Breaking stories aside, there is also Iran’s regularly scheduled exercise in deception and subterfuge. An update on this story. “IAEA seen giving more detail on Iran atom bomb fears,” by Fredrik Dahl for the Associated Press, October 11:
VIENNA (Reuters) – The U.N. atomic watchdog is expected to spell out in more detail soon the reasons for its growing concern that Iran may be working covertly to develop a nuclear missile, diplomats say.
The secrecy and lack of cooperation automatically pose the question of what Iran is hiding. It would be exceedingly expensive for them to stonewall the rest of the world just for fun.
Such a move by the International Atomic Energy Agency, possibly in a new quarterly report on Iran due early next month, could raise pressure on Tehran and offer more arguments for Western powers to tighten sanctions on the major oil producer.
The United States and its allies have urged IAEA Director General Yukiya Amano to declare plainly whether he believes that there have been military aspects to Tehran’s nuclear activities and whether such work may still be going on.
Lather, rinse, repeat until an Iranian nuclear test:
It remains to be seen whether the report’s conclusion will be sufficiently clear-cut to prompt the agency’s 35-nation board of governors to take action at a November 17-18 meeting, possibly by reporting Iran once again to the U.N. Security Council.
“Many countries have called on Amano to give his best possible assessment of the possible military dimension of Iran’s nuclear program,” one Western envoy said.
But it is hard to know now what Amano will say and it is “much too early to make a judgement” on whether it could provide the basis for referring the issue to the Security Council in New York, as happened in 2006, the diplomat added.
A divided board decided in June to report Syria, Iran’s ally, to the Security Council for stonewalling an IAEA probe into a suspected reactor site that was bombed by Israel in 2007.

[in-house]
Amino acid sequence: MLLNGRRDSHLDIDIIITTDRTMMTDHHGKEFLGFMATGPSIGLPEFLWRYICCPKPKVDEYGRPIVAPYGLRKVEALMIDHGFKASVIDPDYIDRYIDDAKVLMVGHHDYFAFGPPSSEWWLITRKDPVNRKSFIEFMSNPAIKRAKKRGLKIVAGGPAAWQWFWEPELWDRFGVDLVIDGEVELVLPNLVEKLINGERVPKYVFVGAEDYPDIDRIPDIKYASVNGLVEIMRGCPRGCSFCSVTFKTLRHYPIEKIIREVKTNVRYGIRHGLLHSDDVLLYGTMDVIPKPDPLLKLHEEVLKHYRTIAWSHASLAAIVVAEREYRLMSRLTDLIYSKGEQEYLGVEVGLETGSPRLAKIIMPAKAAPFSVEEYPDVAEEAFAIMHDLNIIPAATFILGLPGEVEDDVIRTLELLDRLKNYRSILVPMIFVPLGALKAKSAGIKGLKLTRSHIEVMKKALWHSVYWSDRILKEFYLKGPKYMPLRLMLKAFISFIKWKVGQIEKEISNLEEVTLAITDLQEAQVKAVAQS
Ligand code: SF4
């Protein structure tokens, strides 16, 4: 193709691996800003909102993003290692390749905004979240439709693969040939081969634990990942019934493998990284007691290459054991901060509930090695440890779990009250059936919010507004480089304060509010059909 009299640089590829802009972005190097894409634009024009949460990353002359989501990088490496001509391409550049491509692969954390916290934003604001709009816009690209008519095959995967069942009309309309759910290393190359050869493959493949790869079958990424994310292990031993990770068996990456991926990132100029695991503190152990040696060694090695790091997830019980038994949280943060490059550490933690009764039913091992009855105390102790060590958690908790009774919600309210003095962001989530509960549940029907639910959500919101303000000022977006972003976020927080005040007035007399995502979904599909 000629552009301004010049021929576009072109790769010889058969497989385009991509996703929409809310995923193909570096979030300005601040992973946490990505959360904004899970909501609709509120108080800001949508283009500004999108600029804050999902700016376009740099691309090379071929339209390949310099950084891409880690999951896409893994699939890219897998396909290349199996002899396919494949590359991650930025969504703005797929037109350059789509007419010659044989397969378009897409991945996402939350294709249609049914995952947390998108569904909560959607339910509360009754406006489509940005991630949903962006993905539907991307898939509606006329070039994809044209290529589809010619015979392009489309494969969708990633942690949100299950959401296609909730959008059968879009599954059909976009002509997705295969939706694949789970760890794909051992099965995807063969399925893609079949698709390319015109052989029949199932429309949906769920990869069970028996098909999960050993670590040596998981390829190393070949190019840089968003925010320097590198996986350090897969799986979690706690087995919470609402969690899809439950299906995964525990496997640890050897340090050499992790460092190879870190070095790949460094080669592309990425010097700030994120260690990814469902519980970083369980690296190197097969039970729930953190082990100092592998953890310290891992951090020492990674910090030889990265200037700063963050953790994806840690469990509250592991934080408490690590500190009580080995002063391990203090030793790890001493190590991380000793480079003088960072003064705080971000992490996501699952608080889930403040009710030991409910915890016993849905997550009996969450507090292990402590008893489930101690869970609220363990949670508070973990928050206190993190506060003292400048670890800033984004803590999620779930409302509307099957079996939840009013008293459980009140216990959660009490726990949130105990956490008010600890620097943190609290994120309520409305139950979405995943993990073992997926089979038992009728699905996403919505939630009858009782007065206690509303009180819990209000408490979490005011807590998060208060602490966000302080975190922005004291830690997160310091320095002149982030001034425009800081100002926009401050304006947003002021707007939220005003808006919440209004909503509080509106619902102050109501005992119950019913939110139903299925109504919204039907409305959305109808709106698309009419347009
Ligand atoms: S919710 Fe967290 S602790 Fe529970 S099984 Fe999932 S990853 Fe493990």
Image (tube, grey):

Russia and China opposed the U.S.-led diplomatic crackdown on Syria, highlighting big power rifts that the West would want to avoid in any similar IAEA board vote on Iran.
“Russia and China appear to be in no mood for imposing additional pressure on Iran without a pressing reason for concern,” said Ali Vaez, an Iran expert at the Federation of American Scientists think-tank.
Iran says it is enriching uranium solely for peaceful electricity generation. But its history of concealing sensitive nuclear activity, continued restrictions on access for IAEA inspectors and its refusal to suspend work that also can also yield atomic bombs have drawn four rounds of U.N. sanctions, as well as separate U.S. and European punitive steps.
Western analysts and diplomats say Iran has no logical civilian use for the enriched uranium it is stockpiling because it would take many years for it to launch even one of a series of nuclear power stations it says it is planning.
Iran’s only existing nuclear power plant, at Bushehr, was built by Russia and is fuelled by Russian enriched uranium.
Pierre Goldschmidt, a former IAEA deputy director general, said Iran’s “nuclear-related activities and uncooperative behaviour make more sense if their objective is to become a nuclear threshold state rather than developing an exclusively peaceful nuclear program.”